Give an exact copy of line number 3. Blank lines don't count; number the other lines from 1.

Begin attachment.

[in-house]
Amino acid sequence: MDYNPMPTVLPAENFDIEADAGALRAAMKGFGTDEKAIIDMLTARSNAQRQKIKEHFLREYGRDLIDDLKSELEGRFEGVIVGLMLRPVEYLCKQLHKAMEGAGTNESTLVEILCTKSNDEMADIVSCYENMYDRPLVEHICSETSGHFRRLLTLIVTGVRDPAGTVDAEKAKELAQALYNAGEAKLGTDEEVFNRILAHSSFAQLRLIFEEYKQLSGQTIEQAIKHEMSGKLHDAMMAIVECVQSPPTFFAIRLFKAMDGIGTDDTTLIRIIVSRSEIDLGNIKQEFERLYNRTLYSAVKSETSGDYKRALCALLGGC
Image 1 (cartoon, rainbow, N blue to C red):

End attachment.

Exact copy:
Image 1 (cartoon, rainbow, N blue to C red):